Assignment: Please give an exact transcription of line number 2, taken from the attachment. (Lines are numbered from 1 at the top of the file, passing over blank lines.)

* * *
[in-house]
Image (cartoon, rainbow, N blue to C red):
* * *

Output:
Image (cartoon, rainbow, N blue to C red):